I somehow knew, even as a child, that more than a small part of how I experienced life was very much shaped by the past. Maybe part of it was because we didn't have TV until I was 16, or the way my grandfather insisted on doing things like it was mostly still 1954. My earliest views on the world were shaped by Roy Rogers and Hopalong Cassidy as much as they were by the fact that it was the 1980s.
It was in the midst of cleaning out that house that I came across a picture that fundamentally shaped the way I thought about the past, and contributed somewhat directly to my becoming a historian.
"Hazel had several men who wanted to marry her," my grandmother informed me with a sigh. "But she never did, she just waited for that one to come back."
That was the absolute end of our talk about the matter. Several later attempts to pry for information led nowhere, and at the time I was too young to understand most of the implications. All I knew was that my great aunt Hazel died alone in her bed, having waited half a century for a man who never came home. If there was more to the story, my grandmother was careful to never share it, and by the time I was old enough to ask more questions, she was gone.
I started using the photograph in classes a few semesters ago as a way to convey to my students that individual human experiences are always at the heart of history, and that even when we discuss big topics like "World War II" we're really still talking about things that shaped the lives of ordinary people. I tell them what I know - that I have no idea who this guy is. Hazel would have been in her late teens during World War II, and the family lived about 30 miles south of San Francisco. It's conceivable she went there for a number of reasons, including volunteering for the Red Cross, which some other old papers in her things suggested she might have done. I don't know how well she knew this unnamed officer, but given the location it's likely he sailed for the Pacific Theater. Beyond that are a sea of possibilities. Maybe he was killed and she couldn't bear it. Maybe he went missing and she spent the next decades of her life hoping for an unlikely return. Maybe he did come back, but not to Hazel.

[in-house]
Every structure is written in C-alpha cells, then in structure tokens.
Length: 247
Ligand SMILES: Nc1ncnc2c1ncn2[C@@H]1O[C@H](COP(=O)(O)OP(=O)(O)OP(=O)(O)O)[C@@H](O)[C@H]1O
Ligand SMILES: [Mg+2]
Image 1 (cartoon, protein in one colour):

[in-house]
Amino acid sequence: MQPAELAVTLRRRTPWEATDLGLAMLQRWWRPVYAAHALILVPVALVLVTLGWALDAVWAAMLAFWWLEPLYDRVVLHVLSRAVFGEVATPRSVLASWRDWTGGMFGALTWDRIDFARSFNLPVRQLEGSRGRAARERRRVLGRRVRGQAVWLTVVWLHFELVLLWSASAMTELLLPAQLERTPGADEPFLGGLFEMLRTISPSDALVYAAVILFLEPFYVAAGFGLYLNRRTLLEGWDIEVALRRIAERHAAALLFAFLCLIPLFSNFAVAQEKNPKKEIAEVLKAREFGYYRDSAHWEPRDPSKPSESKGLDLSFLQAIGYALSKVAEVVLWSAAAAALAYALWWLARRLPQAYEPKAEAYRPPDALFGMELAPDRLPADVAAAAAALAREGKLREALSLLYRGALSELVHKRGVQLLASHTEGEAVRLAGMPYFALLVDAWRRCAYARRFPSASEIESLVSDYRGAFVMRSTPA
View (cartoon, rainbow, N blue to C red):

My students, inevitably, want answers, and realistically I could probably find them if I dug hard enough. But I'm not always sure that I want to. The unknowns in this story fit emotionally with the disconnect I always felt to Hazel, who rarely came to family dinners and who I'm not sure I ever heard speak a complete sentence. The mystery seems appropriate for the blank spaces I can't possibly hope to fill in for her life.